Ohio Supreme Court: Previous sexual activity protected under rape-shield law

Pictured is the Thomas J. Moyer Ohio Judicial Center where the Ohio Supreme Court meets. Photo courtesy Wikimedia Commons..

The Ohio Supreme Court ruled this week that previous sexual activity can’t be used as evidence against an accuser in rape cases.

In an opinion released Wednesday, the high court upheld the conviction of Cedric Jeffries, convicted of kidnapping and rape.

In the unanimous decision, the Supreme Court held that the state’s rape-shield law applies both to consensual and non-consensual sexual activity, and that the Eighth District Court of Appeals applied the law correctly.

In the case, Jeffries was accused of sexually abusing a 12-year-old repeatedly over the course of nine years, and Jeffries was indicted for kidnapping and raping the victim when she was 12 and again when she was 16. He was convicted and sentenced to 15 years to life and classified as a Tier III sex offender.

The Cuyahoga County Department of Children and Family Services investigated child abuse allegations against Jeffries and the court was allowed to review those records, which also included a report from the victim that another person had sexually assaulted her before and unrelated to the case.

The trial court deemed the incident to be protected under the rape-shield law and thus could not be used as evidence in Jeffries’ rape trial.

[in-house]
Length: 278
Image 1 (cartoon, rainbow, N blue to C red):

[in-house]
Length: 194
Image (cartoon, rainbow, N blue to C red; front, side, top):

Defense for Jeffries argued the rape-shield law was “limited to protecting victims from being harassed about their consensual sexual history and therefore prior sexual assaults are outside the scope of protection,” according to court records.

“Jeffries contends that the clear purpose of the rape-shield law is limited to preventing ‘impermissible attacks on some Victorian-minded theory of promiscuity.’ He asserts that applying the rape-shield law to an accuser’s nonconsensual sexual activity does nothing to promote the purpose behind the law,” the justices said in their opinion. “We disagree.”

The Supreme Court said arguing that evidence of past sexual abuse isn’t protected under the rape-shield law “is to vastly underestimate the insidiousness of victim blaming.”

“Our holding that nonconsensual sexual activity is included in the meaning of ‘sexual activity’ in the rape-shield law furthers the fundamental purpose of the law,” the opinion stated.